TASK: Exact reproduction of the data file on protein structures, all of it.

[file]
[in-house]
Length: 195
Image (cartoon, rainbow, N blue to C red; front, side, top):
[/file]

[in-house]
Length: 195
Image (cartoon, rainbow, N blue to C red; front, side, top):